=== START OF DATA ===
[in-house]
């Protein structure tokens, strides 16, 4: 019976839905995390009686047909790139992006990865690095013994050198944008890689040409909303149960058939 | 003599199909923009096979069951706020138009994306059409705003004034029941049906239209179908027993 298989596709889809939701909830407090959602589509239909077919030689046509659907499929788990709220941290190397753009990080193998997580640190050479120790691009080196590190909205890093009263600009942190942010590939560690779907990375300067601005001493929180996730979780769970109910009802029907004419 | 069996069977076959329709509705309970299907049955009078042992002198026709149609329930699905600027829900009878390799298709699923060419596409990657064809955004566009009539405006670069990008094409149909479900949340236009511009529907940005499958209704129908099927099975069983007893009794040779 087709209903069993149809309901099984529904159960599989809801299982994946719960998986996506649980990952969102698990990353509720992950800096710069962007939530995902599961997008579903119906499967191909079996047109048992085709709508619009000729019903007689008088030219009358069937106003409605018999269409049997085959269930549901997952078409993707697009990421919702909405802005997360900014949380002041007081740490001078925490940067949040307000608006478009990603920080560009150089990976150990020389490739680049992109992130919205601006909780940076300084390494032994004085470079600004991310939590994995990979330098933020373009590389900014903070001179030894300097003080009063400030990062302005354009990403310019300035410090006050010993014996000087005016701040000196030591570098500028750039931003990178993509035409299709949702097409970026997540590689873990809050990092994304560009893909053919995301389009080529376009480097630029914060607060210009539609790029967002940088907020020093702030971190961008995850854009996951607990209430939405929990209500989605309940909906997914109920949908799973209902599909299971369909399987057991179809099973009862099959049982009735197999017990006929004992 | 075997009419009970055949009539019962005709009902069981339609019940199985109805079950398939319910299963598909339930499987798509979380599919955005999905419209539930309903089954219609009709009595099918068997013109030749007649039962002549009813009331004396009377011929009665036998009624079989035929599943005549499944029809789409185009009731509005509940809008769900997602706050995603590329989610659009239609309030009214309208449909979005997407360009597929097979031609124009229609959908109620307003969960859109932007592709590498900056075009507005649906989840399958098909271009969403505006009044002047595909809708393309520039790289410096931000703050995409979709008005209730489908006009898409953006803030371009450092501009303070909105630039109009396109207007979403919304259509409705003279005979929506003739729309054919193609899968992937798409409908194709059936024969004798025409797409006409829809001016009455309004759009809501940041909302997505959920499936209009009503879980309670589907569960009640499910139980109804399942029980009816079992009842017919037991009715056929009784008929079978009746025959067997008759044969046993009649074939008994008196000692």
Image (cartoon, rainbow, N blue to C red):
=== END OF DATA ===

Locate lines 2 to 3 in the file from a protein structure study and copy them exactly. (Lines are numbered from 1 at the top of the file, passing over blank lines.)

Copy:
């Protein structure tokens, strides 16, 4: 019976839905995390009686047909790139992006990865690095013994050198944008890689040409909303149960058939 | 003599199909923009096979069951706020138009994306059409705003004034029941049906239209179908027993 298989596709889809939701909830407090959602589509239909077919030689046509659907499929788990709220941290190397753009990080193998997580640190050479120790691009080196590190909205890093009263600009942190942010590939560690779907990375300067601005001493929180996730979780769970109910009802029907004419 | 069996069977076959329709509705309970299907049955009078042992002198026709149609329930699905600027829900009878390799298709699923060419596409990657064809955004566009009539405006670069990008094409149909479900949340236009511009529907940005499958209704129908099927099975069983007893009794040779 087709209903069993149809309901099984529904159960599989809801299982994946719960998986996506649980990952969102698990990353509720992950800096710069962007939530995902599961997008579903119906499967191909079996047109048992085709709508619009000729019903007689008088030219009358069937106003409605018999269409049997085959269930549901997952078409993707697009990421919702909405802005997360900014949380002041007081740490001078925490940067949040307000608006478009990603920080560009150089990976150990020389490739680049992109992130919205601006909780940076300084390494032994004085470079600004991310939590994995990979330098933020373009590389900014903070001179030894300097003080009063400030990062302005354009990403310019300035410090006050010993014996000087005016701040000196030591570098500028750039931003990178993509035409299709949702097409970026997540590689873990809050990092994304560009893909053919995301389009080529376009480097630029914060607060210009539609790029967002940088907020020093702030971190961008995850854009996951607990209430939405929990209500989605309940909906997914109920949908799973209902599909299971369909399987057991179809099973009862099959049982009735197999017990006929004992 | 075997009419009970055949009539019962005709009902069981339609019940199985109805079950398939319910299963598909339930499987798509979380599919955005999905419209539930309903089954219609009709009595099918068997013109030749007649039962002549009813009331004396009377011929009665036998009624079989035929599943005549499944029809789409185009009731509005509940809008769900997602706050995603590329989610659009239609309030009214309208449909979005997407360009597929097979031609124009229609959908109620307003969960859109932007592709590498900056075009507005649906989840399958098909271009969403505006009044002047595909809708393309520039790289410096931000703050995409979709008005209730489908006009898409953006803030371009450092501009303070909105630039109009396109207007979403919304259509409705003279005979929506003739729309054919193609899968992937798409409908194709059936024969004798025409797409006409829809001016009455309004759009809501940041909302997505959920499936209009009503879980309670589907569960009640499910139980109804399942029980009816079992009842017919037991009715056929009784008929079978009746025959067997008759044969046993009649074939008994008196000692």
Image (cartoon, rainbow, N blue to C red):